When autumn rolls around, I get so excited to make pumpkin cookies! Sometimes I like scary, sometimes cute. This year was a cute year.

To make the yellow pumpkins, you will be using a wet-on-wet technique, which just means you pipe a second layer of icing while the first layer is still wet. I started by using a food color pen to draw guide lines (figure 1). For me, it is much easier to work quickly doing wet-on-wet if I have a guide.

Next, I used my flood icing (mine was about 10 count) to outline then fill the center section. I used my boo boo stick to shape the icing and pop any bubbles, then using my white, while the yellow was still wet, I dropped in my dots. I then did the same thing for each of the sides (figure 2). If you had runnier flood icing, and worked very quickly, you could do all three sections yellow before dropping in your dots, but it takes the stress out of it for me to do one section at a time. That way I can take my time to make sure my dots are just so. 🙂


Allow the dots sections to dry for a few minutes (I put mine in front of a tabletop fan to help things along), then fill in your yellow sections (figure 3).

If you’re uncomfortable tempting fate, you could allow your cookie to dry completely at this point before piping your stem and vines. I was impatient, so I only let mine dry for about 10 minutes in front of the fan before I piped the stem and vines (figure 4). If you are like me, just make sure to not touch your icing tip to the cookie when you do the vines, but allow the icing to drop down from just above the cookie as you pipe. I used a thicker consistency icing, about 20 count, to do my piping. I wanted definition with my stem, so I piped every other line, gave those a minute to set up, then piped in the spaces.


For the orange pumpkins, I did the sections just like the yellow, minus the polka dots. I let my pumpkins dry for about 20 minutes, then used my airbrush to give definition by spraying orange along the section lines and around the edges. Once the pumpkins were dry, and this time I allowed them to dry completely, I used a white food pen to make stitch marks. Since you can’t buy a white food pen, I used Anita’s fantastic technique for making white food pens. Finally, I piped in the stems and vines.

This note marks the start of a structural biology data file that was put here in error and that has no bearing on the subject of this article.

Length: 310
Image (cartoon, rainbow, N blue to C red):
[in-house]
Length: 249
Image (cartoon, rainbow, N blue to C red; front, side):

Happy pumpkin season! 🙂

Marbled leaf cookies


Marbled cookies are all the rage lately, at least according to my instagram feed. The first time they popped up, I fell absolutely in love. I’ve known that I wanted to try this technique for months, but I kept not getting around to it. Then when autumn-themed cookies started showing up, I knew I had to do marbled leaves! This was the first time I have dipped cookies; for a fantastic tutorial on dipping cookies, check out SweetShopNatalie’s tutorial.

I wanted to try two slightly different techniques. First, inspired by Nutmegandhoneybee, I squirted small blobs of different food colorings on to a plate, then used a (cookies only) paintbrush to swirl the colors in to a bowl of thinned (5-7 count) white royal icing. leaves_white_marbled_bowl

I tried using a boo boo stick to swirl the colors around in the icing, but found that that muddied the colors. The colors on the leaves came out better for me when I added a little more color to the icing after every couple of leaves. Also, swirling the icing in the bowl or painting the color in careful patterns wasn’t necessary to get pretty swirls on the cookies; after I dipped the cookies, I twisted my hand slightly to help the excess run off, and that made nice swirls all on its own. (As a side note, don’t try scraping the icing off on the side of the bowl to get rid of the excess, because it will definitely mess up your pretty cookie! Not that I would know from experience or anything. 🙂 )

After I dipped the cookies and they dried slightly, I mixed a little gold luster dust with some orange extract, dipped a paintbrush, and flicked gold on by running my fingers along the end of the brush. Because, you know, everything is better with bling. 🙂 (You could use any flavor extract; I just thought the orange would go best with my icing flavor.)

I also wanted to see what the cookies would look like if I used colored icing instead of food coloring for the swirls.


For these cookies, I drizzled yellow, orange, and red food coloring in to my green. Just like the previous cookies, I found that it didn’t matter how I drizzled the icing, and that trying to swirl the icing in the bowl of green just muddied the colors. Instead, I added more drizzles of icing after every couple of cookies, and that kept the colors from turning muddy. I found that, since the frosting colors weren’t as bright as the food color straight from the bottle, this technique made for more muted-colored swirls. I still liked the soft look, though. And of course, I had to add bling. 🙂

If you give this a try, make sure to have lots of paper towels nearby, because your fingers will get MESSY! The end result is so much fun, though, the mess doesn’t even matter!

Which look do you like better?